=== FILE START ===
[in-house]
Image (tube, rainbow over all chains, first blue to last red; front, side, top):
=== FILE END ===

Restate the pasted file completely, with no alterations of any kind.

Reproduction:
[in-house]
Image (tube, rainbow over all chains, first blue to last red; front, side, top):